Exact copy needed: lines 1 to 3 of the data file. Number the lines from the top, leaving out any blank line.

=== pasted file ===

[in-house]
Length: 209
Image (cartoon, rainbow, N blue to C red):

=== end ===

[in-house]
Length: 209
Image (cartoon, rainbow, N blue to C red):